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   Investment Thoughts - Markets in History

 

 

Markets in History

Historical Perspectives on Markets and the Economy

 

 

 articles 1-10 / 109   page 1 of 11 »  
 
Wars and Financial Panics: Global Bear Markets in the Twentieth Century
"The 1700s was a century of war during which there were five bear markets, each driven directly or indirectly by a European war. The 1800s, on the other hand, was a century of peace, with numerous panics, but only one global bear market which occurred in the 1840s. There were no global bear markets between 1848 and 1912, a 64-year stretch of peace and economic growth. War hit the world in 1914 when World War I began. Four bear markets occurred between 1912 and 1949. With the world generally at peace after World War II, recessions, sometimes driven by financial panics, were the main cause of bear markets."
Global Financial Data, Aug 19, 2019 , Dr. Bryan Taylor

Public and Private Currency Competition
Excerpt
Federal Reserve Bank of St. Louis, July 19, 2019 , James Bullard

Four Centuries of Stocks and Bonds in Retrospect
Financial markets have evolved over time. The relationship between stocks and bonds differed in each of the eras that Global Financial Data has designated in the past: Mercantilism (1602-1800), Free Trade (1800-1914), Regulation (1914-1981) and Globalization (1981-).
Global Financial Data, Aug 14 2019 , Dr. Brian Taylor

A living artifact from the Dutch Golden Age:
Yale’s 367-year-old water bond still pays interest
Yale News, September 22, 2015 , Mike Cummings

Investors and the French Revolution
"Few people realize how active the Paris stock market was during the 1700s. The Paris stock exchange was founded on September 24, 1724, though shares in the French East India Co. (Compagnie des Indes) had traded in Paris for years."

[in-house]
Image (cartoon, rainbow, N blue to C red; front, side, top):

Global Financial Data, 17 April 2019 , Dr. Brian Taylor

750 Years of Interest Rates
"With these two charts, you can see how unusual the current decline in interest rates is, pushing yields down to levels that hadn’t been reached during the past seven centuries."
Global Financial Data, 3 March 2019 , Dr. Brian Taylor

The Forgotten Depression
1921: The Crash That Cured Itself
Simon & Schuster, November 17, 2015 , James Grant

Gold in Perspective
"There is no doubt that violating Federal Law and holding gold would have underperformed a diversified portfolio of stocks. However, the appropriate comparison is what cash, net of income tax, would have returned over this period. And here again calculating that is trickier than one might expect, because hundreds of banks failed in the 1930's and there was no FDIC insurance. And the Treasury didn't begin auctioning Tbills until 1929!"
Daily Speculations, March 6, 2019 , Larry Williams, Rocky Humbert

A Century of Chinese Stocks and Bonds
"London was the financial center of the world until World War II, and many companies in emerging markets listed their shares on the London Stock Exchange before a stock exchange even existed in that country. After World War I, many companies listed on the New York Stock Exchange."
Global Financial Data, 4 January 2019 , Dr. Brian Taylor

Finance vs. Wal-Mart: Why are Financial Services so Expensive?
"In the absence of evidence that increased trading led to either better prices or better risk sharing, we would have to conclude that the finance industry's share of GDP is about 2 percentage points higher than it needs to be and this would represent an annual misallocation of resources of about $280 billions for the U.S. "
Thomas Philippon, New York University


 

Themes

 

Asia

Bonds

Bubbles and Crashes

Business Cycles
Central Banks

China

Commodities
Contrarian

Corporates

Creative Destruction
Credit Crunch

Currencies

Current Account

Deflation
Depression 

Equity
Europe
Financial Crisis
Fiscal Policy

Germany

Gloom and Doom
Gold

Government Debt

Historical Patterns

Household Debt
Inflation

Interest Rates

Japan

Market Timing

Misperceptions

Monetary Policy
Oil
Panics
Permabears
PIIGS
Predictions

Productivity
Real Estate

Seasonality

Sovereign Bonds
Systemic Risk

Switzerland

Tail Risk

Technology

Tipping Point
Trade Balance

U.S.A.
Uncertainty

Valuations

Yield